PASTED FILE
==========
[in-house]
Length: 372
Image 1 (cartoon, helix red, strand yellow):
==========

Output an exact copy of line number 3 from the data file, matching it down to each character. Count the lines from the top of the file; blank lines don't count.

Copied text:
Image 1 (cartoon, helix red, strand yellow):